How to Run Barefoot

Learning how to run barefoot is easier than you think, but there are two basic, yet key requirements to keep in mind when running barefoot: terrain and speed.

Running without shoes is becoming very popular these days, simply because it’s the stepping-stone that gives you better direction in developing the proper forefoot strike landing –Dont forget! Before you learn barefoot running, you need to know what a forefoot strike looks like. Click here to see.

How to Run Barefoot

How to Run Barefoot

When it comes to learning barefoot running, terrain and speed is often neglected which is unfortunate because both directly influence foot strike pattern.

How to Learn Barefoot Running
The best way to learn barefoot running is by running barefoot on pavement and at faster running speeds, which collectively translates readily to a safer forefoot strike landing.

So, how to learn barefoot running? You need to learn barefoot running on pavement, not soft surfaces such as grass, sand, a treadmill, a matted surface, or a soft track. And, you need to run a little faster.


In turns out that runners are more likely to heel strike on softer surfaces and at slower running speeds (2.1-3.0 m/s) as compared with harder surfaces and at faster running speeds (Hatala et al; Lieberman et al.).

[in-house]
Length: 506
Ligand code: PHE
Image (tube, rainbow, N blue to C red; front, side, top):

• According to Lieberman et al. habitually barefoot runners from Kenya who normally landed with a forefoot strike, landed with a heel strike and had greater ankle dorsiflexion at touchdown when they ran on a soft track.

Basically, without warning, we inexplicably screw up our foot strike pattern on softer surfaces. What is more, a raft of recent research is revealing that runners typically maintain heel strike on softer surfaces because plantar tactile stimulation is reduced, making heel striking feel comfortable when running barefoot.

Ultimately, heel striking when running barefoot, opens the door to a variety of physical injuries because the heel strike transient is greater as compared with heel striking in cushioned shoes. This is why well-meaning barefoot runners advise barefoot running learners to run on pavement. Because heel striking on pavement hurts when barefoot, barefoot running on pavement will undoubtedly enhance your ability to concentrate on landing properly on your forefoot.

What about running speed?

In recent years, scientists have started arriving at the conclusion that running too slow increases biomechanical flubbers such as knee extension and ankle dorsiflexion –both of which encourage a heel strike landing. The thinking goes, running slow when learning barefoot running helps prevent injury  –but it is actually better to run faster than your goal pace.

Another counterintuitive insight is that running too slow causes you to hyper-concentrate on monitoring the quality of your overall mechanics, which is counterproductive because the cerebellum ( a part of the brain that controls both motor task and learning), is not consciously accessible! (Svoboda, 2015).